To insert an image into your presentation, you can click on the “Insert Image” symbol (which looks like a dark square with two white triangular mountains) and choose the source of the image you’d like to add (i.e. from your computer, the web, Google Drive, Google Photos, direct from your camera, or a URL). Once you add an image, you can click and drag it to the desired spot on the slide. While the image is selected, the top toolbar will change again for specific formatting tools. There are options to add a border around the image, crop the image, replace it with a different photo, rotate it, along with more complex formatting options. 

You can also choose to insert videos, audio, tables, charts, or diagrams into a slide. These options are all available under the “Insert” button above the top toolbar. Selecting any of these options leads to a dialogue box that will guide you to select the appropriate file or guide you through the steps to create it. 

You can also insert shapes and lines into your presentation. These are functions also along the top toolbar. The shapes button looks like a circle overlapping a square while the line button looks like, well, a diagonal line. Shapes can include things like symbols, arrows, and equations. Lines can also be straight, curved, have arrows on either or both ends, or be a scribble.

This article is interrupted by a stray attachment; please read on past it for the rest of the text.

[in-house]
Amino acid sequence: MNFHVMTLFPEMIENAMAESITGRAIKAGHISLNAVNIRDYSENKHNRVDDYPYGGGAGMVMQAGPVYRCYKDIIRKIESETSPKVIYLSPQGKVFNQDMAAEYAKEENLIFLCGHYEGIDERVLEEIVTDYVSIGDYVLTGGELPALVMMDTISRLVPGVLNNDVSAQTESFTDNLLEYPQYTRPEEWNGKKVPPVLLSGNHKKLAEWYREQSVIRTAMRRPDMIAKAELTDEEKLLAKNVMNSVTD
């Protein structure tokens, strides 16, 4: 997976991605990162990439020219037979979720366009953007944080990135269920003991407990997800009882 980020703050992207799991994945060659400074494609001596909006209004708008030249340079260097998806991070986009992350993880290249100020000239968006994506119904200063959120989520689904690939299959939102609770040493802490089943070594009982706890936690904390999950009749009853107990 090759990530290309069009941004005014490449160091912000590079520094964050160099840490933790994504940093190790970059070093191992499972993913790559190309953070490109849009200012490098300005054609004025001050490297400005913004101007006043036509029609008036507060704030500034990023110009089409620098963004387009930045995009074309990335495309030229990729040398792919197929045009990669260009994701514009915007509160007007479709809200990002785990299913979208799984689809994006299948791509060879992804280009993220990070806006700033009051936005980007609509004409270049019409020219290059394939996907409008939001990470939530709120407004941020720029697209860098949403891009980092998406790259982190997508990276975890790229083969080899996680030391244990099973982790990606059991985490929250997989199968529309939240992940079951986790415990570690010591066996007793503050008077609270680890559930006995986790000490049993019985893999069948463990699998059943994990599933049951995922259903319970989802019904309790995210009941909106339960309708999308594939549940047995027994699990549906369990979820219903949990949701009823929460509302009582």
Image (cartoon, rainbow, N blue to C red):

Underneath each slide, there is an option to add text that does not appear in your presentation. These are speaker notes just for you to see while you are presenting. If you don’t see the speaker notes, then you may need to click on the bottom toolbar where there are three dots and drag it up to open it. 

To add or delete a slide, you can right click on one of the slides in the left panel to choose “New Slide” or “Delete”. You can also find the option here to duplicate a slide.

Presenting with Google Slides


You’re all set! Now, to enter presentation mode, you can click the “Present” button in the top right corner of the window.

Want to learn more? Check out our Complete Google Slides Guide, or our blog article with some helpful Google Slides tips & tricks.